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Published on September 22nd, 2018 | by Jake Richardson


DOE Awards More Than $3 Million For High Performance Computing Manufacturing

September 22nd, 2018 by  

The U.S. Department of Energy has granted almost $3.8 million for 13 industry projects in the High Performance Computing for Manufacturing Program, which operates in various national labs like LLNL, LBNL, Oak Ridge, and Sandia. The program combines DOE supercomputing capabilities and expertise with American manufacturers to improve innovation and industrial processes. Robin Miles, acting director of the HPC4 Manufacturing program, answered some questions about the projects, and Brandon Wood answered the ones related to KeraCel for CleanTechnica.

What benefits can high performance computing potentially provide to manufacturing?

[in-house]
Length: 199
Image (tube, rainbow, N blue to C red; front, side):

As the size of computational resources increase and the modeling software is better able to more accurately simulate the physics of a given industrial process or the performance of products in use the better able engineers and scientists can evaluate improvements in those products and processes prior to expensive experimental evaluation. The more quickly innovations can be introduced into the marketplace the more companies can stay competitive while providing higher quality products to their customers. The more efficient the processes become the less material and energy are used in their manufacture. High performance computing can capture effects at many scales from the atomistic level to the macro level. For example, in additive manufacture you will be able to predict the crystal structure when metals are melted together to form parts. This affects the strength of the part and you will be able to predict the performance of critical parts such as light-weight additively manufactured turbine blades for in use in jet engines. Understanding how carbon fiber structures perform in accident scenarios will enable automobile manufacturers to more confidently adapt this technology to lightweight vehicles and save significant fuel costs.